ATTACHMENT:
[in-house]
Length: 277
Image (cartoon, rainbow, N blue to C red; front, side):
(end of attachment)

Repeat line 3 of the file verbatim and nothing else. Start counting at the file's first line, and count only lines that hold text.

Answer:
Image (cartoon, rainbow, N blue to C red; front, side):